Favorite kind of Friday.

It hasn’t rained enough in Israel this winter, but when it has rained – it’s really, really rained. Which is just perfect on a Friday when you’re home, cozy, coming off the baby furniture high from the day before, and your husband knows how to make homemade chai lattes. 

Of course, we’re always hoping for snow here in the Jerusalem hills where snow may be just a degree celsius away… But for now, we can boast thick hail:

And nothing goes better with a gray, rainy Friday morning than a crapload of pancakes for just two people: 

Rain, rain, come our way.

Jerusalemites are celebrating the rain that began as a lightning show last night. I woke up just now to pleasantly discover that it’s still going.

We’ve had a bad winter so far this year, the kind where everyone – to an annoying degree – talks about how terrible the situation is and starts judging each other over how much water they waste.

You know it’s gotten bad when at least three of your social conversations in the past week have involved a discussion of desalination.

Hebrew-speaking dogs.

I’m sitting on my couch and I hear a scratch at the door. My first thought is, did a jackal from the forest across the street come all the way upstairs to haunt me?

My second thought is, it does, however, sound like a dog.

After peeping through the door, I realized it was a dog. A big, fluffy, yellow, gentle, wet and smelly dog. And it was indeed ‘knocking’ at my door.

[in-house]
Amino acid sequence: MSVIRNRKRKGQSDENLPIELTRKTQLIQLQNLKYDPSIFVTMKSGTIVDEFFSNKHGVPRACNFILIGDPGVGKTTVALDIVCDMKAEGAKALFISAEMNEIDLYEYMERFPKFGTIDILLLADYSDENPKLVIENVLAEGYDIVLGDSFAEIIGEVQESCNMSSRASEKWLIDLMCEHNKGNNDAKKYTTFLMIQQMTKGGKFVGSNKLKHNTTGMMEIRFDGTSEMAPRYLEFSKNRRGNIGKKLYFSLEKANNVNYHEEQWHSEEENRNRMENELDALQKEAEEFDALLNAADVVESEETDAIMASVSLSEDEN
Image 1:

This is the second time a dog has confused our apartment with their owner’s. Tzur Hadassah is filled with domestic dogs who are sent to roam free and come home whenever they please.

We tried to shoo it away but it insisted on coming inside. He probably lost track of the scent of his trail since it’s really the first or second big rain we’ve had here.

But I felt sorry for him, probably wanting to be home curling up in his pillow. I realized we could send him home with a few key words.

Shev. The dog sat and I checked his collar for a house number. Nope.

Bo. We made him come towards the steps to go downstairs.

L’mata. I tried to encourage him to go downstairs but he needed more, he needed company, so we bo‘d him all the way down, until he started wandering over to the apartment building next door, which looks exactly like ours.

Hebrew-speaking dogs. There’s no place like home.